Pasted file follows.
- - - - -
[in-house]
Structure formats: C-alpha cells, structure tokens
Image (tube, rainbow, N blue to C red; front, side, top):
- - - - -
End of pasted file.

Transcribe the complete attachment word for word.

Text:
[in-house]
Structure formats: C-alpha cells, structure tokens
Image (tube, rainbow, N blue to C red; front, side, top):